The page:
President Biden is sticking to campaigns in deep blue states ahead of the midterm elections, with his low approval rating threatening to harm Democrats running in some of the closest races in the country.
Biden’s approval rating has been sitting below 40% throughout October, despite a brief boost to his popularity in August. As a result, Biden has visited fewer than half of the 14 states with the closest congressional and gubernatorial races, and he’s visited just one of the four states whose races will determine control of the Senate.
Toss-up Senate races in Arizona, Georgia, Pennsylvania and Nevada are some of the most important in the country, but Biden has only traveled to Pennsylvania.
Biden’s slim campaigning schedule is only the latest indicator that Democrats view the president as a potential liability in close races.
Biden has previously lashed out at reporters who pointed out his lack of presence on the campaign trail.
“John Fetterman is going to appear with you today in Pennsylvania, but there haven’t been that many candidates campaigning with you. Why?” a reporter asked in mid-October.
“That’s not true. There have been 15! Count, kid, count! Alright?” the president responded.
“Okay, and are there going to be even more?” the reporter pressed.
“Yeah!” Biden insisted.
While Democrats in swing states have not criticized Biden outright, some have appeared hesitant to ask for his assistance. Asked whether she would like Biden to campaign for her in New Hampshire last month, Democratic Sen. Maggie Hassan told Fox News that “my job is to be an independent voice for New Hampshire. That’s the role I’ve always worked to play and be for Granite Staters.”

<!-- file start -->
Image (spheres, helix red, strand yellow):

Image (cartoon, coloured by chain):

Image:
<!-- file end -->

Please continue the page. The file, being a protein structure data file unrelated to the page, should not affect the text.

Democrats also received positive news for the key Senate races on Monday, with a New York Times poll showing their candidates leading in Arizona, Georgia and Pennsylvania, while Nevada was tied at a dead heat.
In Arizona, Sen. Mark Kelly, the Democrat, leads Republican challenger Blake Masters 49% to 45%, according to the poll.
Democratic Sen. Raphael Warnock leads Republican challenger Herschel Walker 47% to 44% in Georgia.
Meanwhile, Democratic candidate John Fetterman leads Republican Dr. Mehmet Oz 49% to 42% in Pennsylvania.
The U.S. Senate remains a toss-up for the midterm elections, though Republicans are favored to take the House of Representatives.